Tight at the top in Tryon after day one
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After a frenetic build up to bring the spectacular site at the Tryon International Equestrian Centre to a state of readiness to welcome the world over the last few days, the eagerly awaited FEI World Team Championship, supported by Helgstrand Dressage, got underway as part of the FEI World Equestrian Games.
Fifteen nations came forward for the team honours with two riders in action on day one. The first rider for Britain, drawn tenth, was Spencer Wilton with Jen Goodman’s 15 year old De Niro in their third Championship together. It was the first time Spencer acted as pathfinder but he felt a quieter position in the running order would help him to keep ‘Neville’, who can let the nerves get to him, more settled. It proved to be a wise choice as 74.58% was just the score the Brits needed to get them off to a strong start. A few moments of inconsistency in the piaffe work were the only noticeable blips in an otherwise strong performance which delighted the British supporters.
“He felt amazing, really good. He does get nervous but I felt him relax as the test went on. The nerves did show in his first piaffe but I’m so pleased,” said a beaming Spencer.
“It’s been a difficult year with injuries to both of us but it’s brilliant to now get the job done. He’s 15 now and fully grown up and he’s learning to deal better with the big atmosphere. I didn’t mind going first and knew it was really important to get a good mark for the rest of the team to build on so I’m glad I did my job,” he continued.
At the lunch break, it was Jessica von Bredow-Werndl who held the lead for red hot gold medal favourites Germany with TSF Dalera BB with 76.67%.
The second session got underway after a shower deluge tested the arena drainage to the full but the footing held up well for the first few second team riders.
Emile Faurie, making his 11th championship appearance for Team GBR, was our second rider with Hof Kasselmann KG’s Dimaggio sired 11 year old Dono di Maggio on Championship debut. The horse is quite inexperienced at the elite level of the sport but Emile has great belief in his ability and potential. But today, as the sun appeared bringing sweltering heat, the inexperience showed for a few costly errors. A costly missed one time change, a few uncertain piaffe/passage steps and a near-break in the final extended trot, which Emile went on to recover well, kept the score pegged back but some work was trending on 7.7 upwards on the score board so the potential is there. 72.79% was the final score, a very credible performance in the company but the Oxfordshire rider was clearly disappointed.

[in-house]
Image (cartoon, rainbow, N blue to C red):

“He’s a very young inexperienced horse and went into himself a bit so sadly he didn’t shine quite as much as I know he can. He’s an incredible horse but never seen anything like this,” he said.
But Emile’s vast experience and positive outlook put his own performance behind him to focus on what’s to come; “Spencer [Wilton] was magnificent this morning and Carl and Charlotte are seasoned professionals but they’re on young horses too so we’ll have to see what happens. I’ve not contributed quite as I’d have liked but we’re still up there.”
Immediately after Emile was the key duo of Dorothee Schneider for Germany with Sammy Davis Jr and they posted 75.06% to go second to her team mate. But then the next rider, Sweden’s Juliette Ramel riding Buriel KH somewhat upset the form book with a 75.24% to neatly nestle between the two Germans.
Hans Peter Minderhoud was a late threat to upset the team standings but a 73.5% with Glock’s Dream Boy NOP put them just behind Spencer. The final rider who could make a difference to the clubhouse standings was Adrienne Lyle, riding Salvino, for the home nation, the USA. It was nip and tuck the whole way with her scores trending near Spencer right up to the centre line so it was an agonising wait for that confirmed score to appear. 74.86% it was, pushing Spencer back by just 0.3% but enough to push Team GBR to fourth in the team standings.
So, as many predicted, Germany hold the advantage after the first day, Sweden second, the USA third, Britain narrowly in forth and the Netherlands fifth. However it’s all exceptionally close with the third and fourth riders to come in an exciting climax in the US Trust arena tomorrow.